Merriwa money makers

Merriwa money makers


Sheep
Hampshire Station manager, John Halsted, with a mob of 800 four-year-old Merino wethers of Roseville Park blood growing an average 19 micron wool and cut an average eight kilogram fleece in one of the holding yards at Hampshire Station, Merriwa.

Hampshire Station manager, John Halsted, with a mob of 800 four-year-old Merino wethers of Roseville Park blood growing an average 19 micron wool and cut an average eight kilogram fleece in one of the holding yards at Hampshire Station, Merriwa.

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Merino wethers are good money spinners at Hampshire Station, Merriwa.

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WETHERS play an important component of the wool production enterprise at Hampshire Station, Merriwa.

Manager, John Halsted, said Merino wethers utilise the steeper country within the 7895 hectare property nestled among the hills and valleys from 500 to 1200 metres above sea level off the Great Dividing Range north west of town.

“They run with our Angus herd of 1200 breeders and it is a good mix in this grazing country,” he said.

He and wife,Jill, have managed the business since 1998 and have changed wool growing and sheep management directions from the original 22,000 sheep to now joining 5000 ewes of Roseville Park blood in autumn for a spring lamb.

“Originally the property was breeding its own flock rams from a cross of Gunbar and Pemcaw blood,” he said.

“But I could not see the benefit and I felt the flock was not getting anywhere, so changed direction to buying rams direct from one stud.

“I feel studs do the genetics better and clients benefit, so we have been on Roseville Park for at least 15 years.”

Mr Halsted believes in this period the flock overall has “put on at least a kilo extra wool and taken at least two microns off.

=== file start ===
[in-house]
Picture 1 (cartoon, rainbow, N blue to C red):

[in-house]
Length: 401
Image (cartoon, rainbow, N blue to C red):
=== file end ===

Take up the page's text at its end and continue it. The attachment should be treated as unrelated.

“Wethers are classed-up at 12 months and about 20 per cent are sold and the balance are run to five year-olds.

“We did reduce the wether portion for a period and joined our classed-out ewes to Border Leicesters for first cross production but when we crunched the figures we were not doing much better than what the wether enterprise was doing.

“And wethers utilise this steeper country a lot better; they are only handled twice a year – when brought in for shearing and crutching.”

A mob of 800 four-year-old Merino wethers of Roseville Park blood growing an average 19 micron wool and cut an average eight kilogram fleece run on Hampshire Station, Merriwa.

A mob of 800 four-year-old Merino wethers of Roseville Park blood growing an average 19 micron wool and cut an average eight kilogram fleece run on Hampshire Station, Merriwa.

The wethers grow an average 19 micron wool and cut an average eight kilogram fleece.

Mr Halsted said the property has a high worm burden.

“So from weaning to the hogget months is pretty crucial and needs careful management,” he said.

“We intensively feed our lambs grain and hay when they come off their mothers to give them that start and manage the worm program pretty closely.”

Merinos, Angus mix keep it simple

Once Merino wethers get past 12 months they are generally right with two drenches a year at shearing and crutching on Hampshire Station, Merriwa.

Close to 4000 wethers are run in four age groups with 1000 in each on the property near Merriwa which manager, John Halsted, says is ideal country for the Merino sheep and Angus cattle breeding mix.

“That number has come back some since we increased cattle numbers,” he said.

“We were running 7000 to 8000 wethers but now as we run all our weaner cattle on this steeper western side as well, the steers and heifer share paddocks with the sheep.” 

The station was running 20,000 Merinos but this number has been reduced to between 12,000 to 14,000 head all run with the 1200 Angus breeders on all natural pastures.

Mr Halsted said he’s running a “very basic operation”.

“There’s nothing too complex about it, just an economy of scale,” he said.

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